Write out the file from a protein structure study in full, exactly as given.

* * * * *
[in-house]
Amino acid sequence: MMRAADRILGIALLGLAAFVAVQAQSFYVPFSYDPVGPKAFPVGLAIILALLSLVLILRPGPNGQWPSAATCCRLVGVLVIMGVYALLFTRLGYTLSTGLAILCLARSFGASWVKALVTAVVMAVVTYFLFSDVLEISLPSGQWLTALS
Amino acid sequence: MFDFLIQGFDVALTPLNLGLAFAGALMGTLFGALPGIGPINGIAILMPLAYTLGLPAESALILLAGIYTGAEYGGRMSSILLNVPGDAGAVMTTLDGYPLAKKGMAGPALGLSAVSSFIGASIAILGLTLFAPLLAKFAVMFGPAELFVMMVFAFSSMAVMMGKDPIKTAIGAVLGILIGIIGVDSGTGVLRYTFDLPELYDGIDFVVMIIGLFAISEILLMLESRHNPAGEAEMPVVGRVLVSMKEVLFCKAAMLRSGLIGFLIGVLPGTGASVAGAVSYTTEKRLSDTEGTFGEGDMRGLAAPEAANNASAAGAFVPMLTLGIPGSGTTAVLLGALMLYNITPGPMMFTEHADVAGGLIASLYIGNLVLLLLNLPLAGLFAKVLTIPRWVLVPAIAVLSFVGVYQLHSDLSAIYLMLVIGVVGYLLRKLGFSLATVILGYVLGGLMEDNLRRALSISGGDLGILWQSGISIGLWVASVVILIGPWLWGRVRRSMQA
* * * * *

[in-house]
Amino acid sequence: MMRAADRILGIALLGLAAFVAVQAQSFYVPFSYDPVGPKAFPVGLAIILALLSLVLILRPGPNGQWPSAATCCRLVGVLVIMGVYALLFTRLGYTLSTGLAILCLARSFGASWVKALVTAVVMAVVTYFLFSDVLEISLPSGQWLTALS
Amino acid sequence: MFDFLIQGFDVALTPLNLGLAFAGALMGTLFGALPGIGPINGIAILMPLAYTLGLPAESALILLAGIYTGAEYGGRMSSILLNVPGDAGAVMTTLDGYPLAKKGMAGPALGLSAVSSFIGASIAILGLTLFAPLLAKFAVMFGPAELFVMMVFAFSSMAVMMGKDPIKTAIGAVLGILIGIIGVDSGTGVLRYTFDLPELYDGIDFVVMIIGLFAISEILLMLESRHNPAGEAEMPVVGRVLVSMKEVLFCKAAMLRSGLIGFLIGVLPGTGASVAGAVSYTTEKRLSDTEGTFGEGDMRGLAAPEAANNASAAGAFVPMLTLGIPGSGTTAVLLGALMLYNITPGPMMFTEHADVAGGLIASLYIGNLVLLLLNLPLAGLFAKVLTIPRWVLVPAIAVLSFVGVYQLHSDLSAIYLMLVIGVVGYLLRKLGFSLATVILGYVLGGLMEDNLRRALSISGGDLGILWQSGISIGLWVASVVILIGPWLWGRVRRSMQA